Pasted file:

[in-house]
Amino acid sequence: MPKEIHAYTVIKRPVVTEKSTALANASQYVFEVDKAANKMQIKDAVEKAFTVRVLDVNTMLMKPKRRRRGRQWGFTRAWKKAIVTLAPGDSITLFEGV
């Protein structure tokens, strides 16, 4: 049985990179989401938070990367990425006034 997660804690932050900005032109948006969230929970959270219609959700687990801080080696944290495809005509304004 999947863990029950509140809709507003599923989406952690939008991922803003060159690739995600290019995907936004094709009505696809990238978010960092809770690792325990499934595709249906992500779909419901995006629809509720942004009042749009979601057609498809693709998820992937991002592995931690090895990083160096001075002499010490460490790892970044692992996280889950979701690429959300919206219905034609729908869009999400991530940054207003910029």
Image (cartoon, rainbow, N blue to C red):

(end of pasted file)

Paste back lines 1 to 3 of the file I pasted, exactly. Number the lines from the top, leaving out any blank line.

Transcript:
[in-house]
Amino acid sequence: MPKEIHAYTVIKRPVVTEKSTALANASQYVFEVDKAANKMQIKDAVEKAFTVRVLDVNTMLMKPKRRRRGRQWGFTRAWKKAIVTLAPGDSITLFEGV
């Protein structure tokens, strides 16, 4: 049985990179989401938070990367990425006034 997660804690932050900005032109948006969230929970959270219609959700687990801080080696944290495809005509304004 999947863990029950509140809709507003599923989406952690939008991922803003060159690739995600290019995907936004094709009505696809990238978010960092809770690792325990499934595709249906992500779909419901995006629809509720942004009042749009979601057609498809693709998820992937991002592995931690090895990083160096001075002499010490460490790892970044692992996280889950979701690429959300919206219905034609729908869009999400991530940054207003910029």